In the years immediately following the end of the Second World War, several of the scientists who took part in the Manhattan Project had an explosive idea.
They wondered if we could harness the incredible power of atomic bombs and put them to use for peaceful purposes.
In particular, what if we could use atomic bombs to literally blast ships into space?
This idea went far further than you probably think it did.
Learn more about Project Orion and the quite serious idea of blasting ships into space on this episode of Everything Everywhere Daily.
There are different types of crazy ideas. There are plausible crazy ideas and implausible crazy ideas.
In a previous episode, I talked about a project which was conceived called Atlantropa, which proposed damming the entire Mediterranean Sea in two different places, as well as flooding much of Central Africa to create an inland system of waterways.
Atlantropa is what I would call an implausible crazy idea. Assuming it could be accomplished would require an enormous amount of the world’s productive capacity, and upon completion, it would have destroyed enormous ecosystems on both sea and land.
Atlantropa was nothing more than an idea hatched by someone who never really sat down and did the math to see how it would work.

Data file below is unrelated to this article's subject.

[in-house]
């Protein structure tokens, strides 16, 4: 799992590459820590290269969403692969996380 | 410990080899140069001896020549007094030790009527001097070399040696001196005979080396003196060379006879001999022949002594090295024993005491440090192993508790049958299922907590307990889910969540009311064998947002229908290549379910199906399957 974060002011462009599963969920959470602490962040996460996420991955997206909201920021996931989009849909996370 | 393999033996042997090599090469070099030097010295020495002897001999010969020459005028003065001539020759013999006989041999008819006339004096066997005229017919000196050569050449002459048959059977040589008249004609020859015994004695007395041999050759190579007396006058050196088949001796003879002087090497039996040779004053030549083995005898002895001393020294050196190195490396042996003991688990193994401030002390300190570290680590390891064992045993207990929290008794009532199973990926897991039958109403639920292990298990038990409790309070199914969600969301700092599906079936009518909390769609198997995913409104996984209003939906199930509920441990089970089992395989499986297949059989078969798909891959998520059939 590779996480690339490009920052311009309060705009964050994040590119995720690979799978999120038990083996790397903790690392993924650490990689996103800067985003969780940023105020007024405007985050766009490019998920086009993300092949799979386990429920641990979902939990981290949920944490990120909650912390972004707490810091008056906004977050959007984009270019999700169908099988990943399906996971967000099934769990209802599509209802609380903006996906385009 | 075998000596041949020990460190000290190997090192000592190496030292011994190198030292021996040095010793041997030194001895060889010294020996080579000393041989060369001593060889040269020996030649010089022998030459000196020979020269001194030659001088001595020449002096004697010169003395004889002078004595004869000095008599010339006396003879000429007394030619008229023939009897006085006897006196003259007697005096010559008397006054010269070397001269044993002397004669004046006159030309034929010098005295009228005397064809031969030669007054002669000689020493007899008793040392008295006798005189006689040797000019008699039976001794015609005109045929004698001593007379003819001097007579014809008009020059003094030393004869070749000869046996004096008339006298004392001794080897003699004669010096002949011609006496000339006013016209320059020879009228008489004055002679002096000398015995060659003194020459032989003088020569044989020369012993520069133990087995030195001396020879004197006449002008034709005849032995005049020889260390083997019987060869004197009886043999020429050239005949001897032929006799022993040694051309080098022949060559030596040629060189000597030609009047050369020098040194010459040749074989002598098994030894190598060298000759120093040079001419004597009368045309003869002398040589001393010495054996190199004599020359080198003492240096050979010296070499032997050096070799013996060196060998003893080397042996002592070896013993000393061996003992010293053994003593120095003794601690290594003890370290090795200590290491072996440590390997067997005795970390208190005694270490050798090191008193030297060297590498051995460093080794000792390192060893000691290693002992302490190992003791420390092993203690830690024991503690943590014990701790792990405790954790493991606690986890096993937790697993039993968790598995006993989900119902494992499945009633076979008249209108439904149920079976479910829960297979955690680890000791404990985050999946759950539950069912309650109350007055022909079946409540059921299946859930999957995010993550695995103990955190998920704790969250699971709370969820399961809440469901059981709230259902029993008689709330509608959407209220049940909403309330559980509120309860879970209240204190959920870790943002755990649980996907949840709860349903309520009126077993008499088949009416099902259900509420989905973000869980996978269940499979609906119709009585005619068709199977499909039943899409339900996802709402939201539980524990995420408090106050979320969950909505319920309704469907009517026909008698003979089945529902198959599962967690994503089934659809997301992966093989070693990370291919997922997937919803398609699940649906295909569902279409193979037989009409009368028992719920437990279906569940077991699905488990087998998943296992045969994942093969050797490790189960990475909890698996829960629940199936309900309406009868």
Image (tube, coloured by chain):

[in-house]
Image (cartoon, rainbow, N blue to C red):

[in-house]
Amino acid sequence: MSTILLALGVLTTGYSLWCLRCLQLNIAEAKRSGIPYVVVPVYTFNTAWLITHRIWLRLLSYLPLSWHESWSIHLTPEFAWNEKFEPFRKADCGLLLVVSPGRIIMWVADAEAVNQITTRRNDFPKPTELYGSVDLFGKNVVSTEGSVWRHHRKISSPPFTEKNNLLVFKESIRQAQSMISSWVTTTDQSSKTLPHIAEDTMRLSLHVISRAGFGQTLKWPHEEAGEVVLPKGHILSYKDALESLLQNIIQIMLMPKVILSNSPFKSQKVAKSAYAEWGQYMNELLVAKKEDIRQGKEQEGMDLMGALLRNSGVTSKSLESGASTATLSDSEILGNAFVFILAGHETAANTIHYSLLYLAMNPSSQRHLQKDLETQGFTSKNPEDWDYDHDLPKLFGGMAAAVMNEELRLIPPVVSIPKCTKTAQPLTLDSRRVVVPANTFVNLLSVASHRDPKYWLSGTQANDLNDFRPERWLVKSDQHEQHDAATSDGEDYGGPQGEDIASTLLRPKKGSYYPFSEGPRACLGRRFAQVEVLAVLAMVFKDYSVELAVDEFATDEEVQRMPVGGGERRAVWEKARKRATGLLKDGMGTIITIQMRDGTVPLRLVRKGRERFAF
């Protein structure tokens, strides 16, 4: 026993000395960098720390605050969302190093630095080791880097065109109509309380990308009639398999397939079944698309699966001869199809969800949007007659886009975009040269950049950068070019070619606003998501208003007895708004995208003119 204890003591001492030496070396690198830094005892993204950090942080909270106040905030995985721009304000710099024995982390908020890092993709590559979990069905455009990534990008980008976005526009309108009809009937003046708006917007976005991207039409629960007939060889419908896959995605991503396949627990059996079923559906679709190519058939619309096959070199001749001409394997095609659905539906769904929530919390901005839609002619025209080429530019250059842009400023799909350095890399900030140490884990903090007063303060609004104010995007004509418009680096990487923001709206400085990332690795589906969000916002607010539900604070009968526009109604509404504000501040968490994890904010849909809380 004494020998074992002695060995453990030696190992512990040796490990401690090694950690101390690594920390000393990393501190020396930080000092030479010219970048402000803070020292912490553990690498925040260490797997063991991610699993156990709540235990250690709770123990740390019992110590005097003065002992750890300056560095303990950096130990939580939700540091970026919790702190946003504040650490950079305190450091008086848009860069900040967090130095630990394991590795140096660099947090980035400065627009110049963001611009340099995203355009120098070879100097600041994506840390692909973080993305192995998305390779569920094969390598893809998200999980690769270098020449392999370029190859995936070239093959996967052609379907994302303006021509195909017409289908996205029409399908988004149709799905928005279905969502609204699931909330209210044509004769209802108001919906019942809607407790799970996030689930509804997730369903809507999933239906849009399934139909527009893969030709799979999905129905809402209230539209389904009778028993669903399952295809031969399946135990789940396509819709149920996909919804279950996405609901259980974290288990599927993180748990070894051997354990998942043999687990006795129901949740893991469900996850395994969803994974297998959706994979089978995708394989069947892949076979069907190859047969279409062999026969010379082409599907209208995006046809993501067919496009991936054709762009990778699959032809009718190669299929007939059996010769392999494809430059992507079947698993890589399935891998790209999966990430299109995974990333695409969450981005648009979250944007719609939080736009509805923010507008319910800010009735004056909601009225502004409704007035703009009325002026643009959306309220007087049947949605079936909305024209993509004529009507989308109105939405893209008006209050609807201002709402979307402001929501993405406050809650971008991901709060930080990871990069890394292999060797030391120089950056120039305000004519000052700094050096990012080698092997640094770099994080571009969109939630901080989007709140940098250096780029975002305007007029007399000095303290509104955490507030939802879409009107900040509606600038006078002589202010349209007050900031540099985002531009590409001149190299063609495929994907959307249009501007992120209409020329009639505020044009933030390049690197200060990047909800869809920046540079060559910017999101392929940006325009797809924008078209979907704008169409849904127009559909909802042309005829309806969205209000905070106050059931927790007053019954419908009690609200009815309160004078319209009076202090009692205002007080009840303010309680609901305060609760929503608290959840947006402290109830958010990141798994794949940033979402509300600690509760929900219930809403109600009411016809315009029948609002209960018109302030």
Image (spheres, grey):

The topic of this episode is not quite the same as the Atlantropa episode. Project Orion was, by all accounts, a crazy idea. However, unlike Atlantropa, some very smart people sat down and did the math and came to the conclusion that it could actually work.
Whether it would have been a good idea is a completely different story.
The story starts in the aftermath of World War II and the Manhattan Project, which created the world’s first atomic bomb.
Many of the scientists who had worked on the bomb were horrified at the destructive potential of the device they had created and were looking for peaceful uses for the device.
In particular, one physicist from Los Alamos and a key member of the Manhattan Project was Stanis?aw Ulam.
Stanis?aw Ulam was one of the giants of 20th-century physics and mathematics. Not only did he help create hydrogen bombs, but he also developed the ideas of cellular automation and Monte Carlo simulations in computing.